Triangular diplomacy US-India relations and China
If proof were needed that the 21st century would be about the struggle to shape Asia’s destiny, then it arrived from the mouth of Condoleezza Rice last month. In New Delhi for the day during her trip across the continent, the US secretary of state told the Indian prime minister that America’s newest foreign policy goal was to “help India become a major world power in the 21st century’’. A state department briefing elaborated by saying that Washington understood “fully the implications, including military implications, of that statement’’. Sealed by the promise of a visit to New Delhi by President Bush later this year, these unequivocal statements imply America wants India to be a permanent friend. The message is India is not a great power, but it has the potential to emerge as one.
Asia is in a period of dramatic change, a time dominated by the breathtaking rise of China. Such upheaval suits the Bush White House, which considers turmoil important because it offers hitherto unrealised strategic opportunities. These moments are America’s chance to determine the future of the world. On the subcontinent the Bush administration tore up its previous policies aimed at denying weapons to India and Pakistan, states engaged in a nuclear-tipped arms race. In a dramatic reversal, the White House announced Pakistan will get F-16 jets, the sale of which was barred in 1990 out of concern for the country’s then undeclared nuclear weapons programme. Simultaneously, the White House announced that it would allow American companies the right to provide India with the next generation of sophisticated, multi-role combat aircraft.
More acute is the talk of large transfers of nuclear reactors to India, currently denied such technologies under the nuclear proliferation treaty. Washington’s latest move suggests that the agreement’s periodic review next month might be more radical than many realised.
By accepting both South Asian establishments as regional partners, US says it has snapped the link between India and Pakistan in policy-making. There is a deliberate echo of the aftermath of the Egyptian-Israeli detente in the 70s, when both sides agreed to peace, got multi-billion arms packages and became US allies. The difference now is that the hotspot of Kashmir still burns. Diplomacy is rarely a zero sum game, but in this case the signal from US is that these gains will be someone else’s loss. Although now cloaked in the language of human rights and democracy, the Bush doctrine is still the one articulated in his first term: to prevent the emergence of a hostile rival.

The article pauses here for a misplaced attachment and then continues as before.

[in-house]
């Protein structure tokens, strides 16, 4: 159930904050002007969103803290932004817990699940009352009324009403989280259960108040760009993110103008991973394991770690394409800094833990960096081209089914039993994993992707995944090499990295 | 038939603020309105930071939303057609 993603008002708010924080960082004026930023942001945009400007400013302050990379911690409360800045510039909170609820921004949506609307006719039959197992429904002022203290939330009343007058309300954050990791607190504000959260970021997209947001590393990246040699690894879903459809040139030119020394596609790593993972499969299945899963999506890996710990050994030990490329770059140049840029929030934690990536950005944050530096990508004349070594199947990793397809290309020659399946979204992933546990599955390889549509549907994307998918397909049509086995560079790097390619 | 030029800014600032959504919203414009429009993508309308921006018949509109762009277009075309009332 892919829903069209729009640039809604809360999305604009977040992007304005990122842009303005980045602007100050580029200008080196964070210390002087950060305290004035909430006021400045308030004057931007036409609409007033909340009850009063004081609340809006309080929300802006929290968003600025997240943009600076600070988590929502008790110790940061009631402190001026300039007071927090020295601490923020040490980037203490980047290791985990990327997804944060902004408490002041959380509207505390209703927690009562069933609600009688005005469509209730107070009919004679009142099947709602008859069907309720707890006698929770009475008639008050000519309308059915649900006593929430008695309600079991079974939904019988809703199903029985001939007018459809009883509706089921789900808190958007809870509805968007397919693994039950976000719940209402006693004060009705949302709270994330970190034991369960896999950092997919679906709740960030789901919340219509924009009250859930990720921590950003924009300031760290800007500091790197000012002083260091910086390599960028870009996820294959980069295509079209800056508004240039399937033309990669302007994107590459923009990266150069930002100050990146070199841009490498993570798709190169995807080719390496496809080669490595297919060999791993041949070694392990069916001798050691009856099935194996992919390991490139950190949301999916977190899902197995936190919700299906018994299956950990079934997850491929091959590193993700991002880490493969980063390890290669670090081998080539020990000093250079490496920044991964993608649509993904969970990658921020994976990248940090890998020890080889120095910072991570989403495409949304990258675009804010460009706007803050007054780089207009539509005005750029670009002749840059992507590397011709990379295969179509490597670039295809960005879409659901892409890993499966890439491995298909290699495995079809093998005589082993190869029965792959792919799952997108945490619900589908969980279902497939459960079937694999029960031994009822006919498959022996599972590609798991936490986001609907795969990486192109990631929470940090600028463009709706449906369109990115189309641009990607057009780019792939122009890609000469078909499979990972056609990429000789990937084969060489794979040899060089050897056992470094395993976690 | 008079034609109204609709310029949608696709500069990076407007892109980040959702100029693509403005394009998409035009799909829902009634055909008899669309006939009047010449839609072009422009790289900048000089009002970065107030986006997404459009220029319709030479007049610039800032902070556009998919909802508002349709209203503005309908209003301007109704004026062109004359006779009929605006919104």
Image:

The only competitor on the horizon is China. Its military rise, economic clout, Beijing’s self-confidence in Asian affairs and its unpredictable behaviour make the world’s largest communist country a real threat in the eyes of the Bush administration. In Europe, the shared perception of a common enemy, which was the foundation of Washington’s cold war alliances, has disappeared. The confusion in Brussels over whether or not to sell arms to Beijing confirmed to the White House that a new set of attitudes needs new allies. US identifies with trends that promote freedom and democracy, although the mistreatment of Iraqi prisoners in Abu Ghraib and the detention of others at Guantanamo without charges dims this moral claim. New and old US alliances in Asia now encircle China — not that this is openly acknowledged.
Washington’s ties with South Korea, Japan and India are justified on the basis of liberty and shared ideology rather than a balance of power argument. America has not articulated its new Asian policy, but its trusted Asian ally, Japan, has. Tokyo is aware of the threat to its own shores. Chinese submarines slide in and out of its waters, and defence analysts in Japan note that Beijing is developing submarines and missiles not commensurate to the threats posed in its neighbourhood. In a speech in New Delhi, Yukio Okamoto, the special assistant to the Japanese prime minister, spoke of Indo-Japanese cooperation to restrain a powerful China that wishes to alter the status quo to right perceived historical wrongs. As two democracies, where English is the language of administration, India and America share common values. There are reasons for a partnership between US and New Delhi to engage with China. India dreams of great power status, has a boundary dispute with China, is irked by its missile technology transfers to Pakistan, and has lost out to Beijing in securing oilfields in Africa.
India, too, is an element in China’s calculation. The thought of the US becoming a weapons supplier to India would alarm Beijing. Aware that bonds are yet to be forged, China is wooing Delhi with promises of free trade agreements and security pacts. What America wants to do to China in the early years of this millennium appears remarkably similar to what it did to Russia in the last decades of the previous century. On offer to India is an opening — as well as a means to reduce China’s influence — by joining Washington to challenge Beijing. If it sounds familiar, that is because it was another US secretary of state, Henry Kissinger, who invented this form of triangular diplomacy in Asia. Then the game was played in the 1970s to strengthen China at Moscow’s expense. The question in Asia is whether America’s newest friend will become a tool rather than an ally. — The Guardian